The opinion of the court was delivered by: Seybert, District Judge:
Plaintiffs Sean Ahearn, Eric Bohm, John Brett, Angelo Brucchieri, William G. Canfield, Ralph Dudley, Arthur Finkel, Salvatore A. Gandolfo, Tina Green, Andrew Koplik, David Menoni, Theodore Pearlman, Vincent Pezzuti, Dorothy Rabsey, Martin Jay Siegel, Stanley J. Somer, and Marc Tell (collectively, "Plaintiffs"), on behalf of themselves and all others similarly situated (collectively, the "Class") sued Defendants Cablevision Systems Corporation and CSC Holdings, LLC (together, "Defendants" or "Cablevision") in a case arising out of a two-week period in 2010 during which Cablevision subscribers were not able to watch certain programming. Pending before the Court is Cablevision's motion to dismiss (Docket Entry 34). For the following reasons, this motion is GRANTED IN PART AND DENIED IN PART. The Court also makes a consolidation ruling at the conclusion of this Memorandum & Order.
The following discussion is drawn from Plaintiffs' allegations, which are assumed to be true for the purposes of this motion, and from certain documents inherent in the Consolidated Amended Complaint (the "CAC"). See, e.g., Hutchison v. Deutsche Bank Sec. Inc., 647 F.3d 479, 481 (2d Cir. 2011).
Cablevision provides telecommunications and cable television services to more than five million households in the New York and Philadelphia broadcasting area. (CAC ¶ 16.) In certain locations, it is the only cable television provider. (Id.)
During the relevant times, Plaintiffs, who are divided into New York, Connecticut, and New Jersey subclasses, were Cablevision customers. Cablevision had advertised and/or promoted that it carried certain programming and networks, including WNYW ("Fox 5"), WWOR ("My9 Channel"), and the Fox Business Network (collectively, the "Fox Channels"). On October 15, 2010, however, Cablevision's agreement with News Corp., the Fox Channels' parent, expired. (Id. ¶ 21.) Cablevision rejected numerous proposals for a new agreement, including proposals offering the same terms and conditions as other content providers in the New York broadcasting area. (Id. ¶ 23.)
Two weeks later, on the eve of a National Football League game between the New York Jets and the Green Bay Packers, Cablevision and News Corp. arrived at a new agreement and access to the Fox Channels was restored to Cablevision's subscribers. (Id. ¶ 29.) In the interim, Cablevision's customers could not watch Fox's programming, including part of the 2010 World Series. (See id. ¶ 31.) Cablevision's Terms of Service recognize an obligation "to give each customer a credit for each 'known program or service interruption in excess of 24 hours,'" (id. ¶ 23 (quoting Cablevision's Agreement for iO TV)), but aside from offering a ten-dollar credit to customers who ordered World Series coverage on MLB.com or MLB.tv (id. ¶ 31), it has not offered any refund or credit to its customers who were without the Fox Channels for two weeks (id. ¶ 32).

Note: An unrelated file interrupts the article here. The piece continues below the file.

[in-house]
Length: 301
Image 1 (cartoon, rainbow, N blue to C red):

Plaintiffs' case relies in part on the above-mentioned Terms of Service, which provide in relevant part as follows. Paragraph 4 states:
Disruption of Service. In no event shall Cablevision be liable for any
failure or interruption of program transmissions or service resulting
in part or entirely from circumstances beyond Cablevision's reasonable
control. Subject to applicable law, credit will be given for
qualifying outages. In any event, if there is a known program or
service interruption in excess of 24 consecutive hours (or in excess
of such lesser time period pursuant to state law), Cablevision, upon
prompt notification of such failure or interruption from Subscriber,
will either provide Subscriber with a pro-rata credit relating to such
failure or interruption or, at its discretion, in lieu of the credit
provide alternative programming during any program interruption.
Cablevision shall not be liable for any incidental or consequential
damages. (Def. Ex. B, Terms of Service ("TOS") ¶ 4.)*fn1
Paragraph 17 states: "Programming: All programming, program
services, program packages, number of channels, channel allocations,
broadcast channels, interactive services, e-mail, data offerings and
other Services are subject to change in accordance with applicable
law." (Id. ¶ 17.)
Plaintiffs' Complaint asserts the following causes of action: (1) breach of contract; (2) breach of the covenant of good faith and fair dealing; (3) unjust enrichment; (4) consumer fraud under New York law; (5) consumer fraud under Connecticut law; and (6) consumer fraud under New Jersey law. Plaintiffs also seek an injunction preventing Cablevision from "ignoring its contractual deadlines with content providers," and compelling "it to enter into a dispute resolution mechanism that insures resolution of any such disputes, in the absence of a consensual agreement, so that its customers will not be deprived of programming content." (CAC ¶ 97.) The Court first recites the applicable legal standard and then considers Plaintiffs' claims in turn.
Defendants move to dismiss pursuant to Federal Rule of
Civil Procedure 12(b)(6). To survive a Rule 12(b)(6) motion, a plaintiff must plead sufficient factual allegations in the complaint to "state a claim [for] relief that is plausible on its face." Bell Atlantic Corp. v. Twombly, 550 U.S. 544, 570, 127 S. Ct. 1955, 1974, 167 L. Ed. 2d 929, 949 (2007). The complaint does not need "detailed factual allegations," but it demands "more than labels and conclusions, and a formulaic recitation of the elements of a cause of action will not do." Id. at 555. In addition, the facts pleaded in the complaint "must be enough to raise a right to relief above the speculative level." Id. Determining whether a plaintiff has met his burden is "a context-specific task that requires the reviewing court to draw on its judicial experience and common sense." Harris v. Mills, 572 F.3d 66, 72 (2d Cir. ...